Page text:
There is a constant attack on faith of people. Everybody pontificates with their points that religious “folk” have faith without reason.

Does this matter at all when it comes to the truth? Could you have faith that this whole reply came together by a matter of chance…most scientists would say something like this is more practical than us coming into existence - even over billions upon billions of years.

In the end, people believe what they want to believe…that doesn’t mean we can’t still search for the truth. Let’s just make sure we do it in the most objective, well meaning way. We’ll find it.

I don’t think Sam Harris is arguing against spirituality or belief in a god or gods.  I think his main thesis is an argument about the damaging ideas of religious dogma.  That is what the problem is here in his eyes.  It’s not the fact that people want to believe.  It’s that they cannot rationally accept criticism or accept changes to any of their questionable religious dogma.  Even in the face of strong counter evidence.  Many religionists continue to accept that certain books as divine even though experience and fact has shown much of it to be false or even hurtful to individuals and/or civilization.  Yes many still maintain that all of it is still true and wholly good.

Harris maintains that religion is a conversation stopper.  Most people cannot critically discuss ideas because of their absolute faith in their religious dogma prevents it.  Every argument begins with the idea that the dogma is true.  That cannot be found acceptable anymore in modern times.  The creates two options: conversation and warfare.  If the first fails the second will more than likely result.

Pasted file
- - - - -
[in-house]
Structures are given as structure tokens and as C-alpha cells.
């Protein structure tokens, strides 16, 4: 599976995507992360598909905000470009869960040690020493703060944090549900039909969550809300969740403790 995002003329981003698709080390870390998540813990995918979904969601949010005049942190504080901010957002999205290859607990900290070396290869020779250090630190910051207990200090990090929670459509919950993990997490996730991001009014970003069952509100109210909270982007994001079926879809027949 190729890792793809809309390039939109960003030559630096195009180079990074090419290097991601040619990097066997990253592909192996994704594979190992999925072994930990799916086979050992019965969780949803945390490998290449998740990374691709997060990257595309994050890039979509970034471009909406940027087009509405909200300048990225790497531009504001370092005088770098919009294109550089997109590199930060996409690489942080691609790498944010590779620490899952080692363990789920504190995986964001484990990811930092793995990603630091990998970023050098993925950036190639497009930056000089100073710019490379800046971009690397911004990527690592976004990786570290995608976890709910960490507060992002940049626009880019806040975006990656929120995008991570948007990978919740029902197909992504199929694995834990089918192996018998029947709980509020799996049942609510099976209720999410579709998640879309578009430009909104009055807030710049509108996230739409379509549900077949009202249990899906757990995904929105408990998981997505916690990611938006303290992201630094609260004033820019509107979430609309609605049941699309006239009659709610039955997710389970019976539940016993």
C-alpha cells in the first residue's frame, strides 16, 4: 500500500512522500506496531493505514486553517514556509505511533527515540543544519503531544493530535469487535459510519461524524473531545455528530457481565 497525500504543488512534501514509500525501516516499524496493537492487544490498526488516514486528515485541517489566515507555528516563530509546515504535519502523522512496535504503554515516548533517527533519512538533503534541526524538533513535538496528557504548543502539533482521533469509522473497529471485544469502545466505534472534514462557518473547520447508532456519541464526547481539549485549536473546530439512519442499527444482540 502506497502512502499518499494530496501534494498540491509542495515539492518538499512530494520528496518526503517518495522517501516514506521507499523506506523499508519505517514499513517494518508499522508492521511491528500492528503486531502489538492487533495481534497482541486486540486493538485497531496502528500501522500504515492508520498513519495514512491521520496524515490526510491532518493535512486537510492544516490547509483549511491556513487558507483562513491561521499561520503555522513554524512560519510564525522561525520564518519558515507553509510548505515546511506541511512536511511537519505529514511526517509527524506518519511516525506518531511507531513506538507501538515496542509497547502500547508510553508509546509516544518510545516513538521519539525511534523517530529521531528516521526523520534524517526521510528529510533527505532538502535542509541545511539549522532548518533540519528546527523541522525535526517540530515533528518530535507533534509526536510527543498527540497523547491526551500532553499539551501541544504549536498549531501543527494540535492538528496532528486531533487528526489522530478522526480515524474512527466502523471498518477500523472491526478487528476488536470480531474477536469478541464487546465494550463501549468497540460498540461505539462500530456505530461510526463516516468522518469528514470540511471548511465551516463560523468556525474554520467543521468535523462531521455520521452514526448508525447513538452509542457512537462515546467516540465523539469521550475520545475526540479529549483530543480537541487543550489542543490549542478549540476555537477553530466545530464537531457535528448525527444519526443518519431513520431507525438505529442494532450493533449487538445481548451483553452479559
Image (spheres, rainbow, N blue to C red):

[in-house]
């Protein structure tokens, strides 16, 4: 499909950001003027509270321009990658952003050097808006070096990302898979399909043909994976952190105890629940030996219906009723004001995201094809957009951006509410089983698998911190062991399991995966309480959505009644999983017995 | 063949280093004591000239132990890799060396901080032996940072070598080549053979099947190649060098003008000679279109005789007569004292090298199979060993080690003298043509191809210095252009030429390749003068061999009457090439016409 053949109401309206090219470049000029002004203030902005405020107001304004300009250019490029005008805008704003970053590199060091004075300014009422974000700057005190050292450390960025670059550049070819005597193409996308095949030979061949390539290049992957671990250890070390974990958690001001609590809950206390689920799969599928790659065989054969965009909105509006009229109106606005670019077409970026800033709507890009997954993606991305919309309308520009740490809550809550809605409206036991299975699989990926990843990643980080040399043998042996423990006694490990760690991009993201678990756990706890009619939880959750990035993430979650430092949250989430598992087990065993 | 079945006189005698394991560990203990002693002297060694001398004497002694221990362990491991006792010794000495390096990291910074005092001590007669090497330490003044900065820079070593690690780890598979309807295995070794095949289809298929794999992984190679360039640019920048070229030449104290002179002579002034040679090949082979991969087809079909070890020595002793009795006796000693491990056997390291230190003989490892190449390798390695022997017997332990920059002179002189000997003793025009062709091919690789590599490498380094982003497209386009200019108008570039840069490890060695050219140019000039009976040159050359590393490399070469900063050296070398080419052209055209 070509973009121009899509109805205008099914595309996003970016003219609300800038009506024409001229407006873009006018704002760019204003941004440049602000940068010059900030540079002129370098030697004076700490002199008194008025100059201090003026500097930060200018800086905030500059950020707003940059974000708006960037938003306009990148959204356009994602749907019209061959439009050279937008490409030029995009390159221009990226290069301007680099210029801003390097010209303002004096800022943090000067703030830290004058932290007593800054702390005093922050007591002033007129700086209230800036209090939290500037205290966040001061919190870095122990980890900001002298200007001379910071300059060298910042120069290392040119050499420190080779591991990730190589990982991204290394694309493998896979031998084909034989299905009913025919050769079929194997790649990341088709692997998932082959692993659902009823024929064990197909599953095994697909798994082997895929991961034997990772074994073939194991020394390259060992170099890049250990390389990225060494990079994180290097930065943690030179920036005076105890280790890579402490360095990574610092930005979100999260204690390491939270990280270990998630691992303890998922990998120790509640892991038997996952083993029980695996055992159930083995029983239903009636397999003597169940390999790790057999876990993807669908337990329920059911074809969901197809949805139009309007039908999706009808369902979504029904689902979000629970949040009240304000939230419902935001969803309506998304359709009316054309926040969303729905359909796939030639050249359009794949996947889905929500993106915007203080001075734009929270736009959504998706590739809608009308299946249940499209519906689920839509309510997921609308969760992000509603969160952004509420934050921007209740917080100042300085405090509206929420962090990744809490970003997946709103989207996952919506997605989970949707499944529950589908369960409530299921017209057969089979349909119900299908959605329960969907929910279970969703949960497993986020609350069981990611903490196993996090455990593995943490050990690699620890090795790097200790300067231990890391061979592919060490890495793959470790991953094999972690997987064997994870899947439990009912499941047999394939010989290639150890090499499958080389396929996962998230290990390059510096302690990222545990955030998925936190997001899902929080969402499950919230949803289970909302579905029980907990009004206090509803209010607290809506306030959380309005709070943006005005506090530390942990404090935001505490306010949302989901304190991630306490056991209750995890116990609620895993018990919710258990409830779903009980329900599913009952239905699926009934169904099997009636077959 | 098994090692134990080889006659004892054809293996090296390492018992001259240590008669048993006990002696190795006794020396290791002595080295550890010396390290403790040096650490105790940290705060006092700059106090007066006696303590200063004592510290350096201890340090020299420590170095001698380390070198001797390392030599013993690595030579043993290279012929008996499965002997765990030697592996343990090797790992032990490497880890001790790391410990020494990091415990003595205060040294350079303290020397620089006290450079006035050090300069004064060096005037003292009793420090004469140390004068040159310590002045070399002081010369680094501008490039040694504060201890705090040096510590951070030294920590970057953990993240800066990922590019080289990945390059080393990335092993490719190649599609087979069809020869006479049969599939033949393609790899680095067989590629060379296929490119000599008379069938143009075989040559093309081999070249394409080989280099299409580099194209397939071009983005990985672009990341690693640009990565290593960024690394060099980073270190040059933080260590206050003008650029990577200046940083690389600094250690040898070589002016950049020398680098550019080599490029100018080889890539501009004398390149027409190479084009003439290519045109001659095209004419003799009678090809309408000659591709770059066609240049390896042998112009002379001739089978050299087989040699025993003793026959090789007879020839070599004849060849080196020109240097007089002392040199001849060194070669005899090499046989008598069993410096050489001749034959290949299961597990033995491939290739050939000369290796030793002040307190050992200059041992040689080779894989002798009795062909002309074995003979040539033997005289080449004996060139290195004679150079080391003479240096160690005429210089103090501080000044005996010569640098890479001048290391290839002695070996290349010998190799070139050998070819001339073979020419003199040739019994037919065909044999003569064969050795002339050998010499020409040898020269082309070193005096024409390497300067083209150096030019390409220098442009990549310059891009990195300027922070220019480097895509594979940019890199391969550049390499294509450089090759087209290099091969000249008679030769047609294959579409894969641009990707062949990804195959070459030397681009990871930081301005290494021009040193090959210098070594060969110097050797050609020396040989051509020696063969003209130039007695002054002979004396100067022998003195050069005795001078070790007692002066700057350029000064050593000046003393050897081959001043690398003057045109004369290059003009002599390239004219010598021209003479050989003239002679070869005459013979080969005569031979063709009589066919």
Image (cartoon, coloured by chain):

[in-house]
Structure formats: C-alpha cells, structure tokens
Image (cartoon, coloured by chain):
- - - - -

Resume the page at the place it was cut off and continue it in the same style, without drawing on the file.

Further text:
Secularism isn’t free of rigid thinking but in the end there far fewer “sacred cows.”  No ideas *have to be believed* at all costs in the face of convincing contrary evidence.  That is a *key* difference maker here that Harris points to.

He also singles out religion as the primary road block of rational dialog.  No one can have respected beliefs about biology, geography, chemistry, etc without factual basis except when it come to religious beliefs.  He asserts that this is fundamentally flawed thinking.  He blames religious moderates as one of the real culprits for facilitating this idea.  This must change and more frank and honest dialog must begin in this arena.

[ Edited: 28 February 2005 10:22 AM by ]
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Posted: 28 February 2005 01:16 AM   [ Ignore ]   [ # 6 ]  
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Dogma is dangerous, so is faith in a afterlife and a God that will reward you for “works”. 

These are religions of death, not of life.

That is the problem

How can you have a meaningful discussion about the future with someone thinking he is going to be raptured and rule over you because you refuse to believe?  You can’t. 

How can you have a rational discussion about violence with someone that believes he gets 70 houris in Heaven for strapping a bomb on his body?
You can’t.